Paul Overhage was born 2 Sept. 1876 in Berlin, Germany. He immigrated to the U. S. in 1896 or 1900, worked as an engraver and then founded his own company, Paul Overhage Inc., Printers, Engravers and Publishers around 1906. The original company was located at 24 E. 21st St. (click for ad from this address), then moved here to the Caxton Building in 1916. Overhage was in business here until 1941, re-located at that time to 130 W. 24th St., then went out of business a year later. Paul Overhage was a publisher as well as a printer. For instance, Notables and autographs, by Alexander William Armour bears the imprint "New York City, Priv. print. for the author by P. Overhage, Inc., 1939." Apparently Armour was a collector of autographs and published this work to exhibit his collection with short biographies of the notables. Another title was A Pilgrimage into the self; annals on the way, by students of MBM (May Benzenberg Mayer), published by Overhage in 1926. Another title was Anglo-Saxon Solidarity by Herbert Adams Gibbons in 1920/21, a work dealing with relations between the U. S. and Great Britain. Overhage also published works in German: for instance, Geschichtliche Skizze zum goldenen Jubiläum der Evangelisch-Lutherischen Immanuels Kirche celebrating the 50th Anniversary of the Immanuel Evangelical Lutheran Church in Yorkville in 1913. Also: Tag und nacht; gedichte, by Alfred Abraham Herzfeld in 1920.

At the very bottom of the stack is the Iconochrome Company / of America. (Click for detail.) Unlike the other tenants of the Caxton Building, the Iconochrome Company of America were not printers. In fact, they appear to have manufactured photographic supplies. The principal owner was Robert John (1876-?) who is described in the 1920 and 1930 U. S. Census as an inventor. Some of John's other companies were Arjay Color Photo Process Inc. (1916-1918) and the Daylight Film Corp. (1918-1925). All were located here at 229 W. 28th St. John registered for the World War I draft in 1918 as a manufacturer of motion picture film, "Daylight Film Corp. 229 W 28." Iconochrome, too, were possibly involved in manufacturing photographic film, or other forms of photography supplies. Polk's New York City Directory for 1922/23 describes the business as "photo sup." They were in business from 1916 to 1924 in this building. Among Robert John's associates in the Iconochrome Company of America was George Barnes Van Cleve (1876-1949). Van Cleve was born in Minnesota and appears in the 1880 U. S. Census as a 4-year-old living with his father, Seymour Van Cleve, a wheat buyer. The Van Cleves moved to New York in the 1890s, and George B. Van Cleve went into the advertising business. He formed his own company, Van Cleve Co., around 1910, and he seems to have met Robert John at this time. John worked either for or with Van Cleve at Van Cleve Advertising for several years. Van Cleve was treasurer at John's Arjay Color Photo Process and was also vice-president and treasurer at the Iconochrome Company of America. Another associate was Noyes Bentley Cornell (1878-1972). He was secretary of Iconochrome Company of American from around 1917 to 1918, and held several other executive positions in New York during the 1920s. Noyes Cornell has the distinction of being treated as the daughter of his father, Clarence Cornell, in both the 1880 and 1900 U. S. Census reports. Apparently the first name, Noyes, was unusual enough to throw off the census takers. Noyes Cornell was not a woman, however, and registered for both the World War I (age 40) and World War II (age 63) drafts.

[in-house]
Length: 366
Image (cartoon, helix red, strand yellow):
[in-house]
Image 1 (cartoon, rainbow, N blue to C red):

All of these signs are found in almost exact mirror image on the other, east side of this building.